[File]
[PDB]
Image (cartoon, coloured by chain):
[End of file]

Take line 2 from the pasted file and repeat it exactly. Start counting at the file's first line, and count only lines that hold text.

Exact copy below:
Image (cartoon, coloured by chain):